I cannot help but feel that the concept of the mos maiorum has been appropriated for the police operation in the same way that Philto criticises here. Yet the term mos maiorum seems so comforting, suggesting reliability and trustworthiness – just as it seems to come across in Plautus’ Trinummus, when it is used for the second time in this play (a play that has been described as particularly challenging to Roman morality) – now by a slave, Stasimus, overheard by Charmides (Plaut. Trin. 1028–1033):
Stas. Vtinam veteres homin<um mor>es, veteres parsimoniae
potius <in> maiore honore hic essent quam mores mali.
Charm. Di immortales, basilica hic quidem facinora inceptat loqui.
vetera quaerit, vetera amare hunc more maiorum scias.
Stas. Nam nunc mores nihili faciunt quod licet, nisi quod lubet:
ambitio iam more sanctast, liberast a legibus.
I wish that the old-fashioned ways of old-fashioned days, and the old-fashioned thriftiness, were in greater esteem here, rather than these bad ways.
Immortal Gods! this man really is beginning to talk of noble doings! He longs for the old-fashioned ways; know that he loves the old-fashioned ways, after the fashion of our forefathers.
For, now-a-days, men’s manners reckon of no value what is proper, except what is agreable. Ambition now is sanctioned by usage, and is free from the laws.
What is left to say?
Well, Plautus uses the phrase mos maiorum one more time.
It features at the very end of his play Cistellaria, in an address of the audience delivered by the theatre troupe (Plaut. Cist. 782–787):
Ne exspectetis, spectatores, dum illi huc ad vos exeant:
nemo exibit, omnes intus conficient negotium.
ubi id erit factum, ornamenta ponent; postidea loci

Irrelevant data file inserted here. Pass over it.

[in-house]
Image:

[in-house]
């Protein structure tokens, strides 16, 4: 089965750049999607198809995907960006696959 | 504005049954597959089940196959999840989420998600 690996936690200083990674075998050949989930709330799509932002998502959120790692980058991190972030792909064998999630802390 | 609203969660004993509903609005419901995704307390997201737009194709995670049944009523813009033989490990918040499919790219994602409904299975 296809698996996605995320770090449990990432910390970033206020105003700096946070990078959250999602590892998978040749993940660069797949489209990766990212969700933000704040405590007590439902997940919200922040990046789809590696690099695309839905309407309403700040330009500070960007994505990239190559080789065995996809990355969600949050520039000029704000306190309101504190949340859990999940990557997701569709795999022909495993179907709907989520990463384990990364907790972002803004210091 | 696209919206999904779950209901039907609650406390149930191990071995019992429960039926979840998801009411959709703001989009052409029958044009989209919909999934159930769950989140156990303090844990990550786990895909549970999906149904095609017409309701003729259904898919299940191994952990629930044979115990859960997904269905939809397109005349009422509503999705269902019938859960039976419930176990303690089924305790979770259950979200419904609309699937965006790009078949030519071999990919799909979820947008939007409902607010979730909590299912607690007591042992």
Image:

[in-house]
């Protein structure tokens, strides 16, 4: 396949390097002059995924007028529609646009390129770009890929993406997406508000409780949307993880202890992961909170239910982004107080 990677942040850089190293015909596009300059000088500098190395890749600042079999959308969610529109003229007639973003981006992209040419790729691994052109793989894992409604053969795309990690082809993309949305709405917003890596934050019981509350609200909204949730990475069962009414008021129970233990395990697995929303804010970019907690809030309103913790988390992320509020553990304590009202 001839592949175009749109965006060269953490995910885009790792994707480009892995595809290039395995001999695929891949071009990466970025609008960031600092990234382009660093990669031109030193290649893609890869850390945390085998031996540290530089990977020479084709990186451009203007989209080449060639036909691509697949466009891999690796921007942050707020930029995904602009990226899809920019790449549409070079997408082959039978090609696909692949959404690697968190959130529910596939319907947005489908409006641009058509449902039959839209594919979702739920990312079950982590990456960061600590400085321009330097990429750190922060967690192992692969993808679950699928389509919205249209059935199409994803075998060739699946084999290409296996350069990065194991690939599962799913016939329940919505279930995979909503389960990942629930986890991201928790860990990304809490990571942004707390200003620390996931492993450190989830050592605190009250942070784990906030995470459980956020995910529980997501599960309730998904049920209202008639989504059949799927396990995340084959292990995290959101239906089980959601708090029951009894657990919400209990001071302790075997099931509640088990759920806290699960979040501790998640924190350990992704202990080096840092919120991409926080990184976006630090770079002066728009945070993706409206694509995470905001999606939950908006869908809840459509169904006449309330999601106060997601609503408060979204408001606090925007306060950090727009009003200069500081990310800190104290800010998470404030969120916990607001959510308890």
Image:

qui deliquit vapulabit, qui non deliquit bibet.
nunc quod ad vos, spectatores, relicuom relinquitur,
more maiorum date plausum postrema in comoedia.
Don’t you wait, Spectators, till they come out to you; no one will come out; they’ll all finish the business indoors; when that shall be done, they’ll lay aside their dress; then, after that, he that has done amiss will get a beating; he that has not done amiss will get some drink. Now as to what’s left, Spectators, for you to do, after the manner of your ancestors, give your applause at the conclusion of the Play.
There has been hardly any coverage of Operation Mos Maiorum in British news media at all – other countries have been slightly more interested in this issue. Searches for media reports on the outcomes of earlier operations are rather … disappointing, too.
Previous operations do not seem to have achieved much at all in terms of cracking down on human trafficking and related crimes: they resulted in the arrests of illegal immigrants – and little else.
Like an invocation of the mos maiorum in ancient times, they seem to have been largely therapeutic and designed to inspire self-confidence as well as a sense of security.
So are we just to applaud this play then, in the (alleged and surprisingly flexible) manner of the ancestors, believing that all business will be finished indoors to our satisfaction, by people playing their roles (more or less) properly…?